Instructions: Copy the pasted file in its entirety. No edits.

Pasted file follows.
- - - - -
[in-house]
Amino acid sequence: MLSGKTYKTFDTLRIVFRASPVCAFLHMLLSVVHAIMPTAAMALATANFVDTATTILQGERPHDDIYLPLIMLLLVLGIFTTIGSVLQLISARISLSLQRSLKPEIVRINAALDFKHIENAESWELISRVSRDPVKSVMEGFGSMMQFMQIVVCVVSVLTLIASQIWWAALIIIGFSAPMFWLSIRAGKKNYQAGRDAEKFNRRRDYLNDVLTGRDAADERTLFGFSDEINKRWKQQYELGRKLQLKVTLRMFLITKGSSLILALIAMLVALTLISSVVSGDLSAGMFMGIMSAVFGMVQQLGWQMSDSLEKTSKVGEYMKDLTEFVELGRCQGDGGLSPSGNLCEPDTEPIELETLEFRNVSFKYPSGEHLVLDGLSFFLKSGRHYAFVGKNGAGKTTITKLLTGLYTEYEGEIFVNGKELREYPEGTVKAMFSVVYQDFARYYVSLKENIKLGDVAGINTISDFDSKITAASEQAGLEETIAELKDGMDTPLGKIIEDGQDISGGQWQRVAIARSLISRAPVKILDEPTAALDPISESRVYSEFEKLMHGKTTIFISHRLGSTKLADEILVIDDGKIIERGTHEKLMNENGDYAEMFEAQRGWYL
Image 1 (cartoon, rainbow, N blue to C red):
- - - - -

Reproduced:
[in-house]
Amino acid sequence: MLSGKTYKTFDTLRIVFRASPVCAFLHMLLSVVHAIMPTAAMALATANFVDTATTILQGERPHDDIYLPLIMLLLVLGIFTTIGSVLQLISARISLSLQRSLKPEIVRINAALDFKHIENAESWELISRVSRDPVKSVMEGFGSMMQFMQIVVCVVSVLTLIASQIWWAALIIIGFSAPMFWLSIRAGKKNYQAGRDAEKFNRRRDYLNDVLTGRDAADERTLFGFSDEINKRWKQQYELGRKLQLKVTLRMFLITKGSSLILALIAMLVALTLISSVVSGDLSAGMFMGIMSAVFGMVQQLGWQMSDSLEKTSKVGEYMKDLTEFVELGRCQGDGGLSPSGNLCEPDTEPIELETLEFRNVSFKYPSGEHLVLDGLSFFLKSGRHYAFVGKNGAGKTTITKLLTGLYTEYEGEIFVNGKELREYPEGTVKAMFSVVYQDFARYYVSLKENIKLGDVAGINTISDFDSKITAASEQAGLEETIAELKDGMDTPLGKIIEDGQDISGGQWQRVAIARSLISRAPVKILDEPTAALDPISESRVYSEFEKLMHGKTTIFISHRLGSTKLADEILVIDDGKIIERGTHEKLMNENGDYAEMFEAQRGWYL
Image 1 (cartoon, rainbow, N blue to C red):